Liquidity has tightened, foreign capital has fled and inflation has soared

2022-06-07 0 By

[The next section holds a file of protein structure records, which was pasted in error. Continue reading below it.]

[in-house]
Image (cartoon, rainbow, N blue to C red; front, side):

Xinhua finance mumbai, January 24 (reporter zhang yadong) Indian stock market fell sharply on the 24th, Sensex30 index and Nifty50 index fell more than 2.6%.In terms of factors both inside and outside India, this is an inevitable decline.Liquidity tightening by the Reserve Bank of India (RBI), foreign capital outflows due to expectations of fed rate hikes, and domestic macroeconomic weakness are the three main factors behind the Indian stock market rout.With these factors not going away any time soon, the industry expects further declines in the Indian stock market.On The 24th, The Indian stock market plunged.The Sensex30 index closed at 57,491.51 points, down 1545.67 points or 2.62% from the previous close of 59,037.18.The Nifty50 index closed 468.05 points or 2.66% lower at 17,149.10 from the previous close of 17,617.15.Steel and financials were among the worst-hit sectors, with Tata Steel down more than 6% and Bajaj Finance down 5.99%.In fact, the downward trend in Indian stocks has been in place since last week.Out of five trading days last week, Indian stocks rose 0.14 per cent on only 17 days.Since the 18th, the Indian stock market has closed down for four consecutive trading days. On the 18th, the Sensex30 index fell 0.90% and the Nifty50 index fell 1.07%.On the 19th, the Sensex30 lost 1.08% and the Nifty50 lost 0.96%.On The 20th, the Sensex30 was down 1.06%;The Nifty50 was down 1.01%;The Sensex30 index fell 0.72 percent and the Nifty50 0.79 percent on Friday.On a weekly basis, the Sensex30 index fell more than 2,185 points, or more than 3.5%, last week.The Nifty50 fell more than 608 points, or more than 3.3%.For many reasons, both inside and outside India, this is a crash to come.First, the RBI’s liquidity squeeze will further depress the Indian stock market.Markedly different from 2021, the rBI’s more certain policy for 2022 is a gradual return of monetary policy, including a liquidity squeeze and an increase in the repo rate.While the RESERVE Bank of India may not immediately raise interest rates next month as inflationary pressures remain within its target range and a third wave of COVID-19 disrupts growth, the liquidity squeeze has already been in place since late 2021.Earlier, the Reserve Bank of India (RBI) said it would implement a Variable rate Reverse repurchase (VRRR) operation of Rs 750 crore on Thursday.Starting from the second half of 2021, the VRRR has become one of the central bank’s main tools to tighten liquidity.The rBI’s liquidity tightening has clearly triggered a sustained rise in Indian 10-year government bond yields.India’s 10-year government bond yield reached 6.655% for the first time yesterday, up 53 basis points from the previous session.A month ago, the 10-year yield was 6.462 per cent.Rbi governor Das pointed out in 2021 that the rBI’s liquidity support policies to support economic growth did not fall entirely on the real economy, which also contributed to the sharp rise in the stock market.Now that the RBI is pumping the water, it is only natural for the stock market to fall.Second, the fall occurred as expectations of an imminent rate hike by the Us Federal Reserve accelerated foreign capital outflows from Asian stock markets, including India’s.”This weakness in the Indian market was triggered by sharp selling by FPI (foreign portfolio investors) and FII (foreign institutional investors).Last week, the value of shares sold in FII India amounted to Rs 1,100 crore in the three trading days and On The 21st alone, Rs 31.5 crore was sold.”Ravi Singhal, vice chairman of GCL Securities, was quoted by Indian media as saying.Finally, the sharp rise in international commodity prices has raised inflation expectations in India.As steel, plastic and other prices continue to rise, India’s domestic automobile manufacturers, motorcycle manufacturers have to repeatedly raise sales prices to hedge the rising input costs.India is now experiencing domestic price increases not only at the production level but also at the consumer goods level.This inflationary development in India will have serious implications for India’s economic recovery.Consumer demand, already very weak, will be further hit by higher prices.In December 2021, unilever’s sales were up just 2 percent, and in November, they were up 4 percent, according to unilever India.The Reserve Bank of India has repeatedly said that while it will continue to aid growth, it will keep an eye on inflation.Now investors are starting to worry about how much room the RBI has to support growth in the face of rapid inflation.This casts a shadow over India’s future macroeconomic outlook.With these three factors not going away any time soon, the industry expects further falls on this basis.Statement: Xinhua Finance is a national financial information platform contracted by Xinhua News Agency.Under no circumstances does the information published on this platform constitute investment advice.